As noted, the current rating of a contact is determined by the T-rise as a function of current. The T-rise is dependent on the balance of the Joule heating, given by I2R, and the heat dissipation, primarily through thermal conduction to the wire or PWB to which the connector is terminated. Consider first the heat generation side of the equation.
The components of contact/connector resistance were discussed in Chapter I/1.3.3 The Electrical Interface: Contact Resistance. For the purposes of this discussion it is sufficient to note the dependence of the resistance of all these components on the resistivity and geometry of the permanent connections, the contacts (plug and receptacle) and the contact interface. So the reduction of heat generation will be facilitated by reducing the resistivity (increasing the conductivity) of the contact spring materials, increasing the conductor cross sections and reducing the contact lengths. It should be noted that there are two additional ways to reduce the contact interface resistance, by increasing the contact normal force and by using multiple contact beams to take advantage of the parallel resistances and redundancy.
On the heat dissipation side of the equation these same design/material changes will enhance the heat dissipation. In metals the electrical and thermal conductivities correlate with one another. The geometric effects are straightforward with respect to thermal conductivity. But there is a second effect to be considered, the heat sinking capacity. For example, the heat sinking capacity of a 1 mm2 conductor, or a 1 ounce copper power/ground plane, is less than that of a 4 mm2 conductor, or a 2 ounce copper power/ground plane in a PWB.
These comments explain why high current capacity contacts tend to be made from high conductivity materials, have high contact forces, use multiple contact beams and are large in cross section.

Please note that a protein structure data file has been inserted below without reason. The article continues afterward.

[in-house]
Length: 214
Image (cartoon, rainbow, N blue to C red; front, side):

There are two aspects to the current rating process. The first is the philosophy of current rating, how the samples are prepared and conditioned. The second is the practice of measuring T-rise. Standards exist that define the test procedures for measuring T-rise. The philosophy of current rating, however, is not well defined. Some of the key philosophical decisions include:
• Out Of the Box, OOB (no conditioning) or conditioned
• Conditioning options include “representative or End-of-Life (EOL)
• Free Air or In housing
• T-rise criterion
Consider the implications of each of these decisions.
OOB vs. conditioned
An OOB rating process is essentially a design verification process. It demonstrates that the design/materials options used in the connector are capable of meeting the specification requirements. However, such a program provides no indication of the stability of the design in the field.
An example of “representative” conditioning relevant to connector durability would be to mate and unmate the connector 200 times (taken as representative of a “typical” application) for a connector specified for 500 mating cycles. EOL conditioning for this example would be 500 mating cycles.
The other conditioning options include which exposures to include in the program and the number of cycles or exposure durations. Common exposures include mating/unmating, corrosion, stress-relaxation (heat age or Temperature life) and a mechanical exposure such as vibration or shock. Representative and EOL exposures can be developed or defined for these options.
Free Air vs In Housing
A free air sample would provide the highest current rating because it would allow for the maximum heat dissipation. An in-housing sample would, of course, be representative of the application and is, therefore, preferred.
As noted a 30 degree T-rise over ambient is the most commonly used criterion based on a number of Standards. That number, however, is arbitrary and other criteria may be applied.
The most important conclusion to be drawn from this discussion is that a comparative evaluation of contact/connector rating practices must ensure that the test program is identical with respect to all of these options for the comparison to be definitive. The two major issues are EOL vs representative conditioning and the T-rise criteria.